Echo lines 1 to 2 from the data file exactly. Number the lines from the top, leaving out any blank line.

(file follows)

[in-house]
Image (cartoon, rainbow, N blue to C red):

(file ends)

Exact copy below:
[in-house]
Image (cartoon, rainbow, N blue to C red):